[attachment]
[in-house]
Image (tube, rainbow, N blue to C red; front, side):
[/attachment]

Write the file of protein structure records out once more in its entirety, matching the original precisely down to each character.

[in-house]
Image (tube, rainbow, N blue to C red; front, side):